This explores some of the issues faced by Transgender teens who are not “out” and are presenting in the ‘natal’ gender.
Gay or Trans?
Teenage years are a time when one struggles with identity questions, and for Transgender teens the struggle has added dimensions of complication. In past times, when the concept of ‘Transgender’ was not as well known, many Trans individuals thought of themselves as Gay or Lesbian, only later coming to the realization that that identity wasn’t quite right. (Chaz Bono is a famous trans man who identified as Lesbian as a teen). Nowadays, Teens are more aware of there being Transgender people in the world – thanks to brave people like Chaz and TV shows like ‘Glee’ that depict out-trans characters.
Transgender Teenagers who have not had the medical intervention of Puberty Blockers (see my earlier post) are now feeling the full effect of their bodies changing in ways that are in conflict, or dissonant to who they feel themselves to be. There can be increased depression, desperation and bewilderment at what is often thought of as a ‘betrayal’ of their bodies. There has often been ‘magical thinking’ as a younger child that one is the other sex, but with the physical changes, this is no longer possible.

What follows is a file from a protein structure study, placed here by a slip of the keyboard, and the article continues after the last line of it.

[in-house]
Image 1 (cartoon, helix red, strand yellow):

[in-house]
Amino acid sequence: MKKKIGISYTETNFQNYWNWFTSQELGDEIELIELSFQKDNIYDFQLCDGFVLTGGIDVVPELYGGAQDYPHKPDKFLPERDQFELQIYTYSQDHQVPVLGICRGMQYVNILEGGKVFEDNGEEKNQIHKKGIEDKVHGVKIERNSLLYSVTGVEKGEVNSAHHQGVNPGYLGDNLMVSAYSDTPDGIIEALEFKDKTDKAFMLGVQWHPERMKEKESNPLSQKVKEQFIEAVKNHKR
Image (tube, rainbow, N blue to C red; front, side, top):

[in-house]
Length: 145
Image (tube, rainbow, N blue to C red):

Trans teens who had not had medical intervention and who are without family are at risk for: HIV/AIDS, substance abuse, depression, violence and harassment, homelessness and suicide.
What you can Do
The best possible intervention is to begin a supportive dialogue with the teen. Be open and accepting about what they are saying about their gender. Educate yourself about Transgender issues and treatment options and be an ally with them to find a therapist, a doctor and a support group for yourself and your Teen. Talk to the school about the Teen’s needs, or find a school situation that would work for them. Don’t criticize or shame them about their gender. One’s gender is not a choice, it’s part of who we are.